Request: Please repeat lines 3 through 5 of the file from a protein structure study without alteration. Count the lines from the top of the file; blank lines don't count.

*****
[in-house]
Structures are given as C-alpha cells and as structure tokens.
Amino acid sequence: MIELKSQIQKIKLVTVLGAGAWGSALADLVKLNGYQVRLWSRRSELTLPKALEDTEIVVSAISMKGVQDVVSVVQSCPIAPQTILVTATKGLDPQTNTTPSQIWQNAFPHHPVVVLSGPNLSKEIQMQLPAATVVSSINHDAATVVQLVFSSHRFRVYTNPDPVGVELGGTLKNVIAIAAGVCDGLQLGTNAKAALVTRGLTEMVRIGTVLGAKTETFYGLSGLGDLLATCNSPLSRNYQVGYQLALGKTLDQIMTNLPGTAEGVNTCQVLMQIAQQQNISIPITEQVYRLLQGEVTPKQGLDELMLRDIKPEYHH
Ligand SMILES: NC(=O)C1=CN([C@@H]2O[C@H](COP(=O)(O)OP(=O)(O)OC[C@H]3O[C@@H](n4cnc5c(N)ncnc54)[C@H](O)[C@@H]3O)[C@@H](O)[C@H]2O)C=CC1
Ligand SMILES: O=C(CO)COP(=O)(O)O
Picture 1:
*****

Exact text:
Amino acid sequence: MIELKSQIQKIKLVTVLGAGAWGSALADLVKLNGYQVRLWSRRSELTLPKALEDTEIVVSAISMKGVQDVVSVVQSCPIAPQTILVTATKGLDPQTNTTPSQIWQNAFPHHPVVVLSGPNLSKEIQMQLPAATVVSSINHDAATVVQLVFSSHRFRVYTNPDPVGVELGGTLKNVIAIAAGVCDGLQLGTNAKAALVTRGLTEMVRIGTVLGAKTETFYGLSGLGDLLATCNSPLSRNYQVGYQLALGKTLDQIMTNLPGTAEGVNTCQVLMQIAQQQNISIPITEQVYRLLQGEVTPKQGLDELMLRDIKPEYHH
Ligand SMILES: NC(=O)C1=CN([C@@H]2O[C@H](COP(=O)(O)OP(=O)(O)OC[C@H]3O[C@@H](n4cnc5c(N)ncnc54)[C@H](O)[C@@H]3O)[C@@H](O)[C@H]2O)C=CC1
Ligand SMILES: O=C(CO)COP(=O)(O)O